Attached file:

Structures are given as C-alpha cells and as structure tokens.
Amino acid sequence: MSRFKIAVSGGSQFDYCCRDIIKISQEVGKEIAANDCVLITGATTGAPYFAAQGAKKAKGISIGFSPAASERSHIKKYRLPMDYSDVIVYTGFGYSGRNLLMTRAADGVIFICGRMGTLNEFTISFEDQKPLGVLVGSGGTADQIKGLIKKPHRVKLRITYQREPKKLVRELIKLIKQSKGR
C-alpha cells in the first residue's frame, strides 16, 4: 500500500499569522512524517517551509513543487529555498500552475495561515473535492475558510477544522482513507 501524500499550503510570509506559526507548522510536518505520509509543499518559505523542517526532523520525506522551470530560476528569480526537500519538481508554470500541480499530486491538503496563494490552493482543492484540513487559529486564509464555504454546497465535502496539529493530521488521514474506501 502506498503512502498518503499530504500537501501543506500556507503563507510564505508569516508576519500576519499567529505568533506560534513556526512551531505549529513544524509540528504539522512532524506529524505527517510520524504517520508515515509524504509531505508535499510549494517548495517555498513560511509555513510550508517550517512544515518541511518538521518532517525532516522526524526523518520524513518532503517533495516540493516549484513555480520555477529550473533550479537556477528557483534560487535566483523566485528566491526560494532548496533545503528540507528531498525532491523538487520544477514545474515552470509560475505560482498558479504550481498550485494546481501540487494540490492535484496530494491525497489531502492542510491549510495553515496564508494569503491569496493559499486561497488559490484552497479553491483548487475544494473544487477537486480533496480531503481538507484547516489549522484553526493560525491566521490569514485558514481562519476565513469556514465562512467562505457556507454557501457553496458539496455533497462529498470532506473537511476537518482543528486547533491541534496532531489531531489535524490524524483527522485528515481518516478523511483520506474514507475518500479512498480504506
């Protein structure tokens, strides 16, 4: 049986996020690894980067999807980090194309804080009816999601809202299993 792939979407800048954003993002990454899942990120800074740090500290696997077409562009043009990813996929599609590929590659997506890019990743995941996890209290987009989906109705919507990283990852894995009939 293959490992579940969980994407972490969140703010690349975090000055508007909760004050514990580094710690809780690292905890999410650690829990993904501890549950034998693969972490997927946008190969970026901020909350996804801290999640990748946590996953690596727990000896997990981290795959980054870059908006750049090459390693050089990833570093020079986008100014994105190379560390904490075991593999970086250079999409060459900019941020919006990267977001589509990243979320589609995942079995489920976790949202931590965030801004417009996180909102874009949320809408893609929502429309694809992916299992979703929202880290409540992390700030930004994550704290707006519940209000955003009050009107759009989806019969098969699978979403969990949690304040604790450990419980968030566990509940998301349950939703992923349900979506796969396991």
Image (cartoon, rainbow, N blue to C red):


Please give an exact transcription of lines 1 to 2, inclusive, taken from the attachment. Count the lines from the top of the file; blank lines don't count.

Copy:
Structures are given as C-alpha cells and as structure tokens.
Amino acid sequence: MSRFKIAVSGGSQFDYCCRDIIKISQEVGKEIAANDCVLITGATTGAPYFAAQGAKKAKGISIGFSPAASERSHIKKYRLPMDYSDVIVYTGFGYSGRNLLMTRAADGVIFICGRMGTLNEFTISFEDQKPLGVLVGSGGTADQIKGLIKKPHRVKLRITYQREPKKLVRELIKLIKQSKGR